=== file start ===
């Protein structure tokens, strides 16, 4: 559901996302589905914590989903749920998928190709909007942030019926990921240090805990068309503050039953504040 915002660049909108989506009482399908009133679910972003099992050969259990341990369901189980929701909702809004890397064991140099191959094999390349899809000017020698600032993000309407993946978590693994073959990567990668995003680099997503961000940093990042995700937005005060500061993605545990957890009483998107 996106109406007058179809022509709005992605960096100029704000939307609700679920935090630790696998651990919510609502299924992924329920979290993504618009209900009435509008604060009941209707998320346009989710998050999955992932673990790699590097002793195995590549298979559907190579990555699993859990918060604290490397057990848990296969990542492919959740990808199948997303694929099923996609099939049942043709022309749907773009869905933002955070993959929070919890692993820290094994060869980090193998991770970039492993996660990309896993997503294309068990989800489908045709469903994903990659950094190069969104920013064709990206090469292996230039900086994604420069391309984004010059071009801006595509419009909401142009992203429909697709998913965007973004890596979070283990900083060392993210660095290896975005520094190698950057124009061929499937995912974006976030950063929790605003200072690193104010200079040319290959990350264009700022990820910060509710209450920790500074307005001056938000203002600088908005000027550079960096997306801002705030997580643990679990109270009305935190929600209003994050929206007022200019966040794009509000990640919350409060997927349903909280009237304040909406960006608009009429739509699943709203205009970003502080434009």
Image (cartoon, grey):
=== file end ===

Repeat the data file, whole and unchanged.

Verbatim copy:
């Protein structure tokens, strides 16, 4: 559901996302589905914590989903749920998928190709909007942030019926990921240090805990068309503050039953504040 915002660049909108989506009482399908009133679910972003099992050969259990341990369901189980929701909702809004890397064991140099191959094999390349899809000017020698600032993000309407993946978590693994073959990567990668995003680099997503961000940093990042995700937005005060500061993605545990957890009483998107 996106109406007058179809022509709005992605960096100029704000939307609700679920935090630790696998651990919510609502299924992924329920979290993504618009209900009435509008604060009941209707998320346009989710998050999955992932673990790699590097002793195995590549298979559907190579990555699993859990918060604290490397057990848990296969990542492919959740990808199948997303694929099923996609099939049942043709022309749907773009869905933002955070993959929070919890692993820290094994060869980090193998991770970039492993996660990309896993997503294309068990989800489908045709469903994903990659950094190069969104920013064709990206090469292996230039900086994604420069391309984004010059071009801006595509419009909401142009992203429909697709998913965007973004890596979070283990900083060392993210660095290896975005520094190698950057124009061929499937995912974006976030950063929790605003200072690193104010200079040319290959990350264009700022990820910060509710209450920790500074307005001056938000203002600088908005000027550079960096997306801002705030997580643990679990109270009305935190929600209003994050929206007022200019966040794009509000990640919350409060997927349903909280009237304040909406960006608009009429739509699943709203205009970003502080434009």
Image (cartoon, grey):